A juxtaposition of events last week saw several major technology companies reveal key strategies and product updates that collectively served to illustrate the ongoing struggles of old tech blue bloods from the client-server era striving for relevance in the world of mobile devices, social software, cloud services and big data analytics. Together, this amalgam of technologies are the foundation for so-called Platform 3.0 applications and as EMC’s president of products and marketing, Jeremy Burton, told attendees at EMC World this week, building them requires new approaches to application architecture and infrastructure hardware. While EMC executives spent much time explaining the business imperatives for a new generation of distributed, inherently resilient scale out platforms, the company isn’t about to give up on the legacy systems still running most enterprises: and neither is Intel, whose own announcement of a new generation of the E7 series processors focused on decidedly traditional workloads and system designs.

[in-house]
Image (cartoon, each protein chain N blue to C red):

While EMC walked the tightrope by repeatedly explaining that VXRACK, a new line of hyperconverged rack-scale, cloud-ready systems, in no way a replaces its VCE VBlock big iron, Intel was squarely focused on its own mainframe-class x86 processor, the E7, a chip that not-coincidentally powers all but the smallest VBlock configurations. Together, both announcements served notice that while the future may belong to warehouse-scale distributed cloud infrastructure, large, monolithic systems and applications aren’t going away anytime soon. For both companies, the message is about choice: delivering the right technology, optimized for particular types of workloads.
I explain why in the rest of this column and explain which workloads still need a scale-up hardware design.